Health care officials in Washington state thought thousands of Medicaid patients would line up to receive a breakthrough hepatitis C treatment that went on the market late last year.
Yet by June, the state had treated only a third as many hepatitis C patients as it had planned for — about 1,200 people.
Now, the state’s Medicaid authority wants to use the $44 million it didn’t spend over the past year to start covering the drug for a wider range of patients, instead of just the sickest ones.
State officials estimate about 75,000 to 100,000 people in Washington have hepatitis C, a blood-borne virus that can cause liver failure or liver cancer if left untreated. Nationwide, many people living with the disease are low-income patients who are eligible for Medicaid, officials said.
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3,600 Number of Medicaid patients state officials expected to treat for Hepatitis C between August and June
1,200 Number of patients actually treated
The new hepatitis C drug Harvoni cures the disease in most patients within eight to twelve weeks, and without the harsh side effects of previous treatments. Unlike with past regimens, most patients can take a once-daily pill to get results, without the need for additional drugs or injections.
The only problem? The 12-week treatment has a wholesale price of about $95,000 per patient.
Partly due to the high cost of the treatment, the state Health Care Authority has so far been offering it only to low-income hepatitis C patients with the worst liver disease — those with advanced liver scarring or cirrhosis, known as fibrosis stages F3 and F4.
But while state officials expected 3,600 of those patients on Medicaid to seek the treatment between August and June, only one-third that many actually showed up.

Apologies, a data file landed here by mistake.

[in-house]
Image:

Now, the Health Care Authority is recommending that the state also start approving Harvoni for Medicaid patients with only moderate liver scarring, or F2 fibrosis.
From a public health perspective, if you’re treated and cured, you can’t transmit it to others.
Michael Ninburg, executive director of the Hepatitis Education Project in Seattle
The agency is asking the Legislature to approve an additional $33.3 million to expand the new hepatitis C treatment to those patients.
That money, combined with the $44 million the state has on hand from treating fewer patients than expected in the past year, would allow the Health Care Authority to provide the drug to 4,700 additional patients whose liver damage is less severe, agency officials said.
Dr. Daniel Lessler, the chief medical officer for the state’s Medicaid program, said the agency’s request is partly based on changing clinical guidelines for how doctors should administer the latest hepatitis C drugs.
“It really is about looking more closely at what constitutes medical necessity,” Lessler said Friday. “When you look at clinical guidelines that are out there, we are trying to take those into account.”
It really is about looking more closely at what constitutes medical necessity.
Dr. Daniel Lessler, chief medical officer for Washington state’s Medicaid program
Two nationwide organizations, the American Association for the Study of Liver Diseases and the Infectious Disease Society of America, recently started recommending that nearly all patients with chronic hepatitis C begin treatment with the new drugs.
The groups updated their guidelines this month to eliminate discussion of how doctors should prioritize which patients to treat. The new guidelines recommend that most patients receive treatment, even if they have only mild liver disease.
Michael Ninburg, the executive director of the Seattle-based Hepatitis Education Project, said paying to treat to more hepatitis C patients will dramatically improve those patients’ lives, while also saving the state money on long-term health care costs.
Those who are treated earlier — when they have only moderate liver damage, for instance — won’t advance to later stages of liver fibrosis when they need twice yearly cancer screenings, Ninburg said.
Treating more people will also help curb spread of the disease, he said.
“From a public health perspective, if you’re treated and cured, you can’t transmit it to others,” Ninburg said.